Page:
This is one of those "ask 10 different people, get 10 different answers" kind of questions, but I always build my wheels with the same guage spokes on both sides, and they are usually DT Competition 14/15/14. Some people like to run thinner spokes on the non-drive side to save weight, and others have some kind of practice based on the drive side spokes requiring more tension. I just like to keep it even for simplicity, plus it hasn't been a problem yet.
Some people have pointed out that using different spokes on the drive side of a dished wheel (a different gauge from those on the non-drive side) makes for a more durable wheel.
The application I am most interested in is long distance touring, with heavy loads.
DT Alpine III spokes have been r e c o m m e n d e d. Would using two different gauges make for a better wheel?
The logic of using different gauge spokes to make a more durable wheel escapes me. Marginally lighter wheel, yes. More durable wheel, no.
As far as marginally lighter is concerned, assuming that you could save 2 grams per spoke on a 36 spoke wheel by using smaller gauge spokes on the non-drive side, you would save a total of 36 grams (18 non-drive side spokes x 2), for a grand total weight savings of just over 1 ounce.
Inasmuch as your intended application is for heavily-loaded touring, I would stick with the conventional same-gauge spoke method.
I build my own wheels and use same-gauge spokes on my rear wheels.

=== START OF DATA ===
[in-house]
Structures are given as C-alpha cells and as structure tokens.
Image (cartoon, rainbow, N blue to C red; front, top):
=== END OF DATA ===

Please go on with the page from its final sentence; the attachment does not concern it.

Highly dished rear wheels begin with very light tension on the left side spokes. Those lightly tensioned spokes fail more frequently because as the wheel is ridden, they can cycle in and out of tension, repeatedly going completely slack. One workaround is to build the left side of the wheel radially. This increases the required tension on the left side somewhat and eliminates the presence of leading spokes that are more prone to slackening under drive torque.
Wheels built radially are more prone to hub flange failures. There is less flange material to support spokes when they are pulling straight out instead of tangentially. Furthermore, old hubs that are re-built radially are even more likely to fail due to stress concentrations in the notches left from the old spokes.
Another way to aid highly dished rear wheels is to use thinner spokes on the left (non-drive) side. In such a wheel, the lighter left-side spokes are under the same tension that regular left-side spokes would carry. The thinner left side spokes are elastically stretched further than thick spokes would have been. During cyclic loading, the thinner spokes have farther to "un-stretch" before they go slack.
Anecdotally, you may have heard wheelbuilders say that the key to a reliable wheel is tight spokes. What's really meant is that the key to preventing spoke fatigue is to eliminate cyclic un-tensioning of spokes. Super tight spokes are one way to achieve this. Another way is to spec "stretchier" spokes where the spokes are lightly loaded and/or more likely to cycle completely out of tension.